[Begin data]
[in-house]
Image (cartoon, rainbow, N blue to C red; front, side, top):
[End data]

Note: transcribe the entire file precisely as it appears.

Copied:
[in-house]
Image (cartoon, rainbow, N blue to C red; front, side, top):